Freedom Day should be delayed warn scientists despite record vaccine rollout

THE UNLOCKING of the country "should be delayed" as experts warn the government's plan "does not have the support of scientists at all".

From Monday the last round of coronavirus restrictions will be lifted and Brits are gearing up for Freedom Day.

But scientists aren't convinced that the lifting of restrictions is the right thing to do – despite the fact that a record 81.4 million jabs have been rolled out across the country.

Of this grand total, just 35.3 million Brits have received two doses of a coronavirus vaccine and cases are still climbing across the country.

Experts today held an emergency international summit on the UK's plans for Freedom Day, where experts accused the government of putting a strategy together based on "infecting more people".

Regional Director of Public Health in England and a member of Independent Sage Gabriel Scally said the plan was not a good idea for either public health or for the economy.

He said: "A blind man on a fast horse can see that this is a strategy that doesn't have the support of scientists, universally at all.

"And I personally was amazed at some of the comments, the idea that it was a good idea to have the virus spread widely through the population and infect people, make them ill, and have them die, so that we got that over with before the autumn.

"Go to go in the summer, as it was described".

He referred to comments from Mike Ryan, public health specialist at the World Health Organisation (WHO) who criticised the "moral emptiness and epidemiological stupidity of a strategy which was fundamentally based on infecting more people with the virus".

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Prof Scally said: "I'm astounded at this as I've been a public health doctor for 14 years and I've never heard of a public health strategy like this as you have heard from some of the experts from around the world.

"This is not any concept of public health that any public health physician would really recognise I don't think."

It comes after figures from the Office for National Statistics (ONS) revealed that one in 95 people in England had Covid in the week to July 10.

It’s up from one in 160 reported the previous week.

Rates have increased for all groups but are highest in those aged between year 12 and 24 years old – at one in 35.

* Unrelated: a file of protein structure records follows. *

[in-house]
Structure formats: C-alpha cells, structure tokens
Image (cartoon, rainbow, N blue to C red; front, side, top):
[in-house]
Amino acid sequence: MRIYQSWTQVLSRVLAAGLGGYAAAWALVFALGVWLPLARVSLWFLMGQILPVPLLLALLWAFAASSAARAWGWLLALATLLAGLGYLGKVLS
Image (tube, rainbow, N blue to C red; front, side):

Overall one million people in the country were estimated to have the virus in those seven days – more than five times the figure a month ago (105,000).

Case rates have been rocketing since some restrictions were eased and the Delta variant took hold in the UK.

It comes as scientific advisers to the Government (Sage) say England's R rate is between 1.2 and 1.4, with the highest estimation for the South East (1.3 to 1.6) and North East (1.2 to 1.6).

The value is very slightly down on last week's estimate of between 1.2 and 1.5.

Professor Shu-Ti Chiou former Director-General of Health Promotion Administration in Taiwan said the government's decision to go ahead with Freedom Day was concerning.

He said: "I’m personally very concerned about the young people who do not have a chance to be vaccinated since currently there is no vaccine authorised for people under aged 12.

"I believe that everyone, regardless of age, should enjoy equal freedom from preventable Covid.

 

"For young people who cannot be protected from the government immunisation programme, the infection may cause significant consequences upon them and the government will have to do something to protect them without leaving them behind."

He said that it's a "political responsibility" to ensure that young people are afforded the same people as adults.

“In our culture there is a saying that it is unethical to take the umbrella away from people while it’s still raining, and now it's politically unethical to take the umbrella away from persons not having a raincoat when it's still raining.

"And it's actually raining very hard. So I hope the politicians can take that into consideration, to keep the umbrella there for those people not having a raincoat", he said.

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